I saw a tweet from a Celtics fan Wednesday morning that, paraphrased out at more than 140 characters, read, "Wasted too much money to sit at tonight's game. Saw Terrence Williams, Jordan Crawford, Shavlik Randolph. Swore I could have been at a Maine Red Claws game."
With all due respect to that salty franchise up Interstate 95, imitating the Celtics' minor league team is less than ideal. Tuesday night's 100-85 loss to the Knicks, Boston's fifth straight defeat, was as bad a showing the Celtics have made at TD Garden in years. The Celtics committed 20 turnovers and allowed 15 offensive rebounds. Starting point guard Avery Bradley did not record an assist.
Playing without Kevin Garnett, Rajon Rondo, Courtney Lee, Jared Sullinger, and Leandro Barbosa, the Celtics never had a chance, and that's despite Tyson Chandler and Amar'e Stoudemire being absent for New York. The game felt like it was being held in another city, a roster of newbies and fill-ins playing for a listless crowd that couldn't wait to file out to Canal St. for a nightcap.
The game was so unwatchable that it brought back memories of the most repugnant Celtics basketball in recent memory. As a reporter in my second season on the job I covered the 2006-07 Celtics team that lost 18 consecutive games. The streak was surprising in total, but the results of each individual "L" were not. After the first loss in the streak, an 87-79 defeat in Orlando on Jan. 7, 2007, Celtics guard Tony Allen said, "We as a team, we understand that we dug ourselves in. In the first half we were flat. We have to go look at film, take constructive criticism, see what you can do to correct it."
It was more of the same for the next month. Looking through the old notebook, Celtics coach Doc Rivers used words like "rhythm" and "effort" and "flat" to describe his team over the next 17 losses. So it was a little eerie when Rivers dropped this quote during Tuesday's press conference.
"I thought we were flat," said Rivers. "We didnít play with a lot of energy, and I always say thatís something Iíve got to do or get them to do right."
What Rivers didn't say, and what he couldn't say during that 18-game losing streak, is that the Celtics didn't put enough talent on the floor to win Tuesday night. The Celtics started Bradley, Crawford, Brandon Bass, Paul Pierce, and Jeff Green against the Knicks. Terrence Williams played nearly 23 minutes. Randolph played almost as much as Chris Wilcox, who is the only backup big man on the team that's been here longer than three weeks. Those aren't the Red Claws, but it's not a playoff team, either.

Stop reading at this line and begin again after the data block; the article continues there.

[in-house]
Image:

For the first game of that '07 losing streak the Celtics started Delonte West, Tony Allen, Wally Szczerbiak, Ryan Gomes, and Al Jefferson. Rajon Rondo, Kendrick Perkins, and Gerald Green came off the bench. They got Pierce back from injury 16 games later and broke the streak shortly after, but the similarities between the lineups are hard to ignore. Those 2006-'07 Celtics had a couple of players who would carve out very good NBA careers and more, which is what Bradley should do despite his dud Tuesday night. So should Green, despite his hollow double-double vs. the Knicks. But potential doesn't win basketball games. It doesn't make sitting through them any more palatable.
The question is whether or not Tuesday night's game was a glimpse of the future or an anomaly. There will come a time very soon when Garnett and Pierce will be gone or playing at nowhere near the level we're used to. Tuesday's game might go in the win column for the camp that was happy to see the PP and KG stick around at the trade deadline (see what they would be without them?), but is the franchise better off than it was in 2006-'07? Would you rather have a young core of Rondo, Bradley, Sullinger, Jeff Green, and Lee or one comprised of Allen, Rondo, Jefferson, Perkins, Gomes, and Gerald Green? Either way, it's clear the Celtics aren't fun to watch without two or more superstars pulling more than their share of the weight.
Asked about missing Garnett for two more weeks (would you be surprised if it's longer?), Rivers said, "Guys, I think youíve been around me long enough. Kevinís not playing. I donít worry about it. I really donít. And I donít with our guys. We didnít play well tonight. Iím not going to go back and say, ĎOh my gosh, weíve got two more weeks of this.'"
Rivers doesn't have to say he's worried, nor should he say that a serious lack of talent is going to be the true difference between winning and losing games over the next several weeks. That should be painfully clear. What's not clear Ė heck what's not even on the radar yet Ė is just how the Celtics get out of this.
Knicks players and even some beat reporters walked around with chips on their shoulders following the win, spouting a "how-would-you-like-to-face-us-in-the-playoffs-now?" mantra that is deserved, considering how Celtics fans have been saying for weeks that their team should beat anyone but Miami in a playoff series.
Maybe Garnett will get right and right the ship, making a playoff series with New York much more even. Either way, what's evident from Tuesday night is that the Celtics are awfully close to that line that separates being competitive and dreadful, from being a team of plucky underdogs to one at a serious disadvantage. Winning streaks without your star players are fun, but a glimpse into the not-so-distant past suggests the losing streaks aren't nearly as entertaining.